Which is not, despite appearances to the contrary (for Hamilton/Helm aficionados, that is), the 1960 US Fawcett/Gold Medal paperback first edition/first printing of the second Matt Helm novel, The Wrecking Crew. No indeed. Because although it's virtually identical to the American version, it is, in fact, the 1961 UK paperback first edition, published by Frederick Muller in 1961. Muller frequently re-published Gold Medal paperbacks around this period – witness the Muller editions of Peter Rabe's Daniel Port crime thrillers in this post – their only changes being the replacement of the American price on the front cover with a British one, and a few lines on the copyright page:
So far as I've been able to establish, this was the first Matt Helm novel to be published in the UK. To my knowledge, the debut Helm, Death of a Citizen, didn't make it into print in Britain until Coronet/Hodder Fawcett published it in 1966, making The Wrecking Crew Helm's UK debut. (Muller, it seems, adopted a somewhat scattershot approach to the Gold Medal books they picked up for British publication, with no rhyme or reason as to which ones they chose.) Consequently, British readers must have been a bit perplexed in 1961 to be reading a sequel to a novel that hadn't actually appeared yet – there being a certain amount of continuity between the Matt Helm books. (Also consequently, all four Coronet printings of Death of a Citizen have become quite scarce in this country.)
(UPDATE 20/12/11: Existential Ennui reader Mark Martinez left a comment – see bottom of this post – letting me know that Muller did, in fact, publish Death of a Citizen, so the above is, in effect, nonsense. Mark has a great work-in-progress Donald Hamilton cover gallery, which can be found right here.)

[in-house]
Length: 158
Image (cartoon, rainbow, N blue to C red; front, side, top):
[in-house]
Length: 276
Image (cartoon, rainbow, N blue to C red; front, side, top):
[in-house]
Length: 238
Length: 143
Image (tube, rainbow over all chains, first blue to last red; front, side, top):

That's the 1966 and 1968 first and second printings of the Coronet edition of Death of a Citizen, there. Once Coronet started publishing the Helm novels, however, they issued all of them – including reissues of the scant few Muller had published – up to and including the seventeenth book in the series, 1976's The Retaliators (actually published in 1979 by Coronet in the UK – British publication commonly lagging behind American). Thereafter, though, no other British publisher picked up the rights, so while in the US, Fawcett/Gold Medal would go on to publish a further ten Matt Helm novels, in the UK, the series effectively ended with The Retaliators, making the latter books very hard to come by over here. Mind you, since all of the Helm novels are now out of print in the US as well (at least, for now...), those final ten books are in short supply on t'other side of the pond, too.
There's a small number of the various Coronet printings of The Wrecking Crew available from British sellers on the likes of AbeBooks at the moment, but this Muller edition is very scarce; I can't see any for sale online at present. The back cover reveals a little about the story – note also that blurb from Edward S. Aarons; that's a name that'll be cropping up again on Existential Ennui before too long – which sees a fully reactivated Helm sent to Sweden to off an enemy agent, but if you want to delve deeper into the tale I can heartily recommend the Unofficial Matt Helm website, which has dedicated pages for all twenty-seven novels, including this one, replete with fun facts about each instalment. Or, y'know, there's always Wikipedia.
One thing I can't do is tell you for certain who painted the cover of the Muller edition – which is the same as the original US edition, remember – although I suspect it might be the same artist as painted the cover of the third Matt Helm book I'll be showing in this already lengthy – and possibly destined to be gargantuan – post. (I'll also be exploring how the Gold Medal covers of the Helms changed when I get to that third book, so bear with me, cover art fans.) I do, however, know who painted the cover of this next book: